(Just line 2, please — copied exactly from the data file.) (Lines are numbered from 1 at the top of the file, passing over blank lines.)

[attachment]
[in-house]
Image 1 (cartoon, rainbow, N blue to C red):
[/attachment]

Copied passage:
Image 1 (cartoon, rainbow, N blue to C red):